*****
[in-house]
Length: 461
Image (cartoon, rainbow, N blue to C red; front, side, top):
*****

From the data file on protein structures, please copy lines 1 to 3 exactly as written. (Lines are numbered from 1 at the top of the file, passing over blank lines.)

[in-house]
Length: 461
Image (cartoon, rainbow, N blue to C red; front, side, top):